Let's find out…
The above requirements are specified by Google's Terms of Service.
Google Analytics is by far the most popular web traffic analysis tool.
It helps track how your website is doing overtime, which pages are getting the most traffic and how visitors are moving around your site.
What is Google Analytics? If you're reading this, chances are you already know what analytics is.
But some of you might be in the dark on what exactly it is.
Google Analytics is one of the world's most famous pieces of free website-analytics software.
There are many tools out there for collecting website analytics, but Google Analytics is the one that is used most often.
This is because it can provide a lot of valuable insights about your visitors, from the pages they visit to their geographic location.
The thing is, people don't always fully understand what goes on behind the scenes or how Google Analytics collects data.
Google Analytics collects information about your website visitors, app users, and their online habits through a technological instrument called cookies.
Cookies are used by Google Analytics to remember a user's behavior and to share this information with you.
Transparency is critical for data privacy, and Google Analytics is no exception.
Because Google Analytics tracks users and collects data about their behavior, website owners must disclose such data processing action to their visitors.
See the details on their official Policies page.
For example, the below statement is from Google's Terms of Service document:
Google clearly stated in the "Privacy" section of the legal document that you should:
As an advertiser, you have the option to purchase Google Analytics Advertising Features such as AdWords remarketing and conversions tracking.
You may use Google Analytics Advertising Features to enable components that aren't accessible in regular implementations. The following are some of the advertising features:
Let's also see the below screenshot taken from Google's Policy requirements for Analytics Advertising features:
Therefore, you should inform users about:
We all know what they are, and we use them every day. Before the GDPR, many people didn't really give much thought to cookies.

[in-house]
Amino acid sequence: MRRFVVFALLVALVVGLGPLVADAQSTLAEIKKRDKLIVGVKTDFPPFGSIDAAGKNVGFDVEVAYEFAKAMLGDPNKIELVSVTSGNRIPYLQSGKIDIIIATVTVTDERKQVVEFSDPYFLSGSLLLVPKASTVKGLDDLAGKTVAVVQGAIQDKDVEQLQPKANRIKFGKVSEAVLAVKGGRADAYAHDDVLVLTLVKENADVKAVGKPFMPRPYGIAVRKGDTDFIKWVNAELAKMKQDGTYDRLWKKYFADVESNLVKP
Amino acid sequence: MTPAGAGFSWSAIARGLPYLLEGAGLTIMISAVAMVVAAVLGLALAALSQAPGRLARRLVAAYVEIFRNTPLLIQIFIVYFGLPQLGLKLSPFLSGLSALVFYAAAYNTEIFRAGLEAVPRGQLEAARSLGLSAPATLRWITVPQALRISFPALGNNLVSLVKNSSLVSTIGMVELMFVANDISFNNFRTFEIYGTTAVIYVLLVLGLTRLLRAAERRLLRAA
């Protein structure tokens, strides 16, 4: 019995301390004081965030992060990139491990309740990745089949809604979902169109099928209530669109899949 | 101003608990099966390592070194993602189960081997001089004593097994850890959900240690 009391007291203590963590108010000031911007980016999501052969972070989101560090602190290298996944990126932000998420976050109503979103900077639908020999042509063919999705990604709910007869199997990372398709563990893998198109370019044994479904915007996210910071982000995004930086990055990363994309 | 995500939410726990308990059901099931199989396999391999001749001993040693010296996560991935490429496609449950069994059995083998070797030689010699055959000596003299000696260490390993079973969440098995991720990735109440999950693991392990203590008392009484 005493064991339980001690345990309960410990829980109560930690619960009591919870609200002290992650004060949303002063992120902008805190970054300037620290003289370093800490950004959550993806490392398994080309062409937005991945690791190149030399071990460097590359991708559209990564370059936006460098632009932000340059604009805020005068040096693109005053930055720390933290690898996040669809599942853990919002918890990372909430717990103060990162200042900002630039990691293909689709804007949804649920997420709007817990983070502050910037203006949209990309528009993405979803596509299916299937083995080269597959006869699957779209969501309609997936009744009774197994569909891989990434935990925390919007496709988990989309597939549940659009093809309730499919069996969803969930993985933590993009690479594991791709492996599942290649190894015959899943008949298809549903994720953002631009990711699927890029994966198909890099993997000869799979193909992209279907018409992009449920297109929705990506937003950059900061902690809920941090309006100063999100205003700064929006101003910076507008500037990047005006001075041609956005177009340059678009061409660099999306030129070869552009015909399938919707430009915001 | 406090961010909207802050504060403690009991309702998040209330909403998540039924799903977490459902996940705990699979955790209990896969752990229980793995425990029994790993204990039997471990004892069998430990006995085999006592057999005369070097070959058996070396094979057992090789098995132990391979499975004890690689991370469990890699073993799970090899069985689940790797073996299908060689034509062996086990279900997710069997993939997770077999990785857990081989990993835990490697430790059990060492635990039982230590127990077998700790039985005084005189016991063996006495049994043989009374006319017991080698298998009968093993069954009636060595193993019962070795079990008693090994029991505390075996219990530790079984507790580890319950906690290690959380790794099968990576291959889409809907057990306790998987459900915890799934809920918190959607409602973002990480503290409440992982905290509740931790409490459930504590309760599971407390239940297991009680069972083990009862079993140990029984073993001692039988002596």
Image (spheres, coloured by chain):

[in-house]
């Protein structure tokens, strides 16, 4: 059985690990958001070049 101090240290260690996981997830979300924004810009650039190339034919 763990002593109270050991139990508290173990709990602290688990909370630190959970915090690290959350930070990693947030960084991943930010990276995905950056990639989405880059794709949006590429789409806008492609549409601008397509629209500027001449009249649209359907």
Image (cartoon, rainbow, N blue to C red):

A cookie was just a helpful feature of your favorite websites – it could tell whether you're logged into an account on that site, keep track of your top articles read on a blog, or show you customized ads based on your browsing habits and location.
Google Analytics cookies are used to store information about how visitors interact with your website.
Google Analytics also gathers Internet Protocol (IP) addresses to offer and maintain the service's security, as well as to provide website owners an idea of which country, state, or city their visitors are from throughout the world (also known as "IP geolocation").
You can read more about the detailed version of the data collection by Google Analytics on their support page.
They are much more likely to allow you to use their data if they feel informed about the how's and why's of data collection.
And with that, you should be well on your way to satisfying the legal requirements of the GDPR, other privacy laws, and Google's Terms of Service and Analytics contracts.
For breaking GDPR standards, Austria's Data Protection Authority has prevented Google Analytics from being used on European websites.
European businesses must now decide whether or not to remove Google Analytics from their websites or face a fine for breaking the GDPR.
Either the United States' surveillance rules must be changed, or US companies must host data of European customers in Europe.
Google analytics constantly updates policy so it's hard to follow and can be manipulated. You can track the older versions of the policies by years.